It’s going to rain, she thinks, and she can see her eyes now as the wetness in them reflects off the window.

“Mildred,” Gwendolyn breathes, and Mildred can see her sit up. “Can you tell me what’s going on?”

She opens her mouth, but nothing comes out. She swallows the emptiness down, feels it push against her ribcage, tangle her legs together until they feel twisted and broken.

But the blanket is warm, and Gwendolyn is patient, even if her face belies how terrified she is.

They sit in silence until the emptiness eases into Mildred’s bones. “Too many thoughts,” she says eventually. “My mind is— is out to War, and it’s left my body behind.”

Gwendolyn inhales sharply, but she doesn’t move, not at first. When Mildred can finally look over at her, Gwendolyn’s got a hand resting against her lips, fingers curved as if a fist is waiting to form.

But there’s no one to fight; Mildred is not a princess, and Gwendolyn is not her knight; there is no kingdom awaiting them but the morning dew and the smell of coffee and the warmth of flannel blankets on a cool morning. There are no dragons to face, none that remain, only the scars and ashes of their attacks.

“You don’t have to be alone,” Gwendolyn says eventually, still watching Mildred, hand coming back down to rest on the arm of her chair. “When you… go somewhere. You don’t have to be alone.”

Mildred blinks, and her cheeks cool rapidly with the wetness that spills forward. “But I don’t— I don’t know where I go,” she protests.

Gwendolyn smiles softly, raises herself from her chair and then kneels before Mildred. Mildred’s hand twitches, wants to reach out and touch her cheek or her shoulder or her jaw, but it’s trapped beneath the blanket and the warmth is too much to move. It’s all too much, the look in Gwendolyn’s eyes as she stares up at Mildred, the warmth of the blanket, the darkness outside, there’s rain coming.

“Then when you get lost,” Gwendolyn says. Her fingers rest on the arm of Mildred’s chair, and despite the sleep that hasn’t quite left her face, Mildred believes she’s being quite serious. “When you get lost, you don’t have to be alone.”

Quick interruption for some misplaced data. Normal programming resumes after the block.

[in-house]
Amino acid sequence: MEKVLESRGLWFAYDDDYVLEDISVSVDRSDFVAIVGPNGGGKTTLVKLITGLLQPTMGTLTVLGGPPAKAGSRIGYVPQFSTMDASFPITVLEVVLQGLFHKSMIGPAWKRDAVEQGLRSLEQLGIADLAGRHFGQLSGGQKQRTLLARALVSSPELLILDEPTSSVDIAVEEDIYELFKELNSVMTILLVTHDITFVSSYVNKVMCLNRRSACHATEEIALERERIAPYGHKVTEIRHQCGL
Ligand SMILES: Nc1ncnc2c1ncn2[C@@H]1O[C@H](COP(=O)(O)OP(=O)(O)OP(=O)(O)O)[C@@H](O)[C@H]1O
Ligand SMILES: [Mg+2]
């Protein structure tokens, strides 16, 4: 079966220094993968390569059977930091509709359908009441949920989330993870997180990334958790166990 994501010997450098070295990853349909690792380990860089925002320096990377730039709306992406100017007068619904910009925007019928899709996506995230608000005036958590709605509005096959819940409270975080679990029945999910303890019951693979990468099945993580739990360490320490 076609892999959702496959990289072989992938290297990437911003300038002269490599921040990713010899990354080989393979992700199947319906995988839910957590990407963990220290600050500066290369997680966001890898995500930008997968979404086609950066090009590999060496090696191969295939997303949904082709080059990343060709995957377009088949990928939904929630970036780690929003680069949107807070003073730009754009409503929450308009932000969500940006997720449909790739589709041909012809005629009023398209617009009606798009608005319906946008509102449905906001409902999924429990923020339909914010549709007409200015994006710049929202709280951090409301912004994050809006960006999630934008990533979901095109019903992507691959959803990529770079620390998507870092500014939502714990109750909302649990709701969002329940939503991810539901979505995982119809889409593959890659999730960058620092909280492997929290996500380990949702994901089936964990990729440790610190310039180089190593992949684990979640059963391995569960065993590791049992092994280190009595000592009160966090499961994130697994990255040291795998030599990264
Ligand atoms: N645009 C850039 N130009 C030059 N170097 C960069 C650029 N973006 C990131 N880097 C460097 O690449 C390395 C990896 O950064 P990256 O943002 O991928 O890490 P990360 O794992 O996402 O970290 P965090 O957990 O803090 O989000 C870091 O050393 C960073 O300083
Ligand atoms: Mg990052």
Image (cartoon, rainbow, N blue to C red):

“I’ve always been alone,” Mildred protests weakly.

“I know,” Gwendolyn says, and her blue eyes are watery now, though Mildred can barely see the color over the overwhelming darkness that surrounds them. “But you’re not now. I’m here with you. You don’t have to be alone now.”

Mildred’s body curls in on itself before she knows what’s happening, and low wails vibrate her throat until her mouth is shaken open. She’s drowning.

And Gwendolyn is there, rises to meet her before the tide crashes over her head, pulls her head to rest against a calm, steady chest. Her fingers wrap around Mildred’s crown, arms draped over her shoulders to keep her close, lips pressed to the top of her head. Mildred shakes and trembles and rocks, and Gwendolyn cannot be moved, simply rocks with the to-and-fro of the ocean Mildred has become.

Mildred’s arms somehow escape her blanket and she’s clutching at Gwendolyn’s back, fisting and wrinkling the flannel as her tears soak through the front. Her forehead pushes against the spot where Gwendolyn’s ribs meet, burying her face in Gwendolyn’s stomach, and she shakes and wails, and Gwendolyn does not let go.

“I’m here with you. You’re here with me. You don’t have to be alone,” she whispers against Mildred’s hair, holds her close as the storm hits her.

Gwendolyn has no sword, no shield, no magic spells to defeat the dragons. She has no crown to bestow on Mildred’s head.

She has her hands, and her love, and her gentle words and gentler lips.

And Mildred is learning.